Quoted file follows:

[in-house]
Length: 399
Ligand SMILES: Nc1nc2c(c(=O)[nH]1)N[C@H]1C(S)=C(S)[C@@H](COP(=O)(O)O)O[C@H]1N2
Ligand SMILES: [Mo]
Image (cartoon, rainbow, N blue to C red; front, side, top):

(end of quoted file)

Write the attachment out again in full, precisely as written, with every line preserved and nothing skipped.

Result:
[in-house]
Length: 399
Ligand SMILES: Nc1nc2c(c(=O)[nH]1)N[C@H]1C(S)=C(S)[C@@H](COP(=O)(O)O)O[C@H]1N2
Ligand SMILES: [Mo]
Image (cartoon, rainbow, N blue to C red; front, side, top):